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‘Sometimes I feel I want to blurt out so much but it gets stuck somewhere
Sometimes I see you wanting to tell me something but it gets stuck somewhere
Sometimes I see us sharing a few difficult sentences but then it gets stuck somewhere….\’
I feel like most of my life I have been a box of feelings, I feel so much so often that I cannot get my thoughts in order.
Checking my WhatsApp chat list made me realise so many people I would chat with on a regular basis now have slid down the chat list bit by bit, and ofcourse I too have in their list.
There are days I want to reach out to so many of my friends and family and I just cannot, the thought of organising my thoughts to have a in depth conversation seems like a big task. So I let our chats disappear somewhere as life takes over in the present moment.
I realised this is how some of my friends and family also must feel. That there is so much to say that nothing comes out.
I sometimes visualise all of us in a factory somewhere, a factory of feelings, each person in a different shape of a box, either big or small or dented , either bright or dull or patched up. Regardless of the exterior, there is so much stored inside, feelings that can run a river. Yet nothing comes out.
I believe we all have become so emotionally independent and also empathetic that we think multiple times before reaching out to anyone.
I honestly feel as if I am disturbing someone who clearly has a lot going on, that I don\’t want to cast a shadow over someone\’s sunshine, so I just deal with myself.
But off late more and more I feel that I have boxed up my feelings and so have so many people around me. I truly believe that we should open the box and let out our emotions bit by bit.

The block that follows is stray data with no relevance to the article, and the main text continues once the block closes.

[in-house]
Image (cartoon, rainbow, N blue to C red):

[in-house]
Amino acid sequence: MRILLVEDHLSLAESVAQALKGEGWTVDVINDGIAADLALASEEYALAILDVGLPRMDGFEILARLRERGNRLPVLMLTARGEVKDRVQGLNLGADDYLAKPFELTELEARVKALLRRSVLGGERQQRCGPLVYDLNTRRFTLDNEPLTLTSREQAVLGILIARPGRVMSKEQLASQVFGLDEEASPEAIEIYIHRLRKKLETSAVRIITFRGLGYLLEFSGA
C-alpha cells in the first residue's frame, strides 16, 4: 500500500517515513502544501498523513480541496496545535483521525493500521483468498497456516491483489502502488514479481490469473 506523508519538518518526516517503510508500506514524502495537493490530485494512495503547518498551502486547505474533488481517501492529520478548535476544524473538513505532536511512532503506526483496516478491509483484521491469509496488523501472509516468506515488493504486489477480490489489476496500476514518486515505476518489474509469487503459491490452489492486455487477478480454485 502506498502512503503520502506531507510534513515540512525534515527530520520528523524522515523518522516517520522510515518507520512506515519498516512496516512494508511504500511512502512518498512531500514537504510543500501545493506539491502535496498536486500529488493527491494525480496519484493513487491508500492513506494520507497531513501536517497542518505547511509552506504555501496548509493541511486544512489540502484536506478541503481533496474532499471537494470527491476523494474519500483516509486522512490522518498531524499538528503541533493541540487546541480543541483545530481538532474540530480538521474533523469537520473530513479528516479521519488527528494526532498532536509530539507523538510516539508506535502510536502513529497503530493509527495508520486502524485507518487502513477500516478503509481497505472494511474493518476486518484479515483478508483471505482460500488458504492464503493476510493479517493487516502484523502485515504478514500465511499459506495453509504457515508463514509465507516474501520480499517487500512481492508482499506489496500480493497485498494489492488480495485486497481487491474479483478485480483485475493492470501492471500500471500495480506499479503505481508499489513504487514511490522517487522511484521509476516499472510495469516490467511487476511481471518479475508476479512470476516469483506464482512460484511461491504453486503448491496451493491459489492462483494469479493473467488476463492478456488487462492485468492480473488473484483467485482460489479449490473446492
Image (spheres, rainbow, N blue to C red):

Sometimes I speak at length and you listen
Sometimes you speak at length and I listen
Sometimes we both speak so that feelings flow …
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I recommend reading Manjiri Indurkar's Origami Aai alongside her memoir to have a fulfilling and enriching experience of telling one's story with grace.
It’s All In Your Head, M famed author Manjiri Indurkar’s debut poetry collection, Origami Aai, is independent and yet an extension of her memoir in which she speaks with utmost grace about all forms of abuses that she has survived. In this book of intriguing and evocative poems, the poet weaves words to form images of the everyday life of her middle-class family, love found and lost, trauma, and healing.
The collection is divided into four segments, beginning with the family, slowly moving towards the world, and finally colliding them together.
We aren’t in mourning, but we are creatures of habit.
So we talk of each one who died of drowning,
and I listen to her stories with the patience
of a chronicler.
– Funereal Stories
When someone accuses you of "too much feminism", what they are really saying is, "I am uncomfortable with you challenging the status quo and disrupting my privilege".
Time and again, there is one phrase that keeps coming up in the social media discourse on feminism. Any guesses?
Ah, no prizes for guessing the infamous “itni bhi feminist” or “too much feminism” phrase, a classic eye-roller for me, and I am sure for many more of my tribe, in the realm of gender equality discussions.
Pray tell me, how can an ideology, a movement be too ‘much’? It’s not salt or the seasoning of your soup where you can go, “Oops, too much salt, only one spoon was required”. Either you stand for what feminism stands for, or you don’t.
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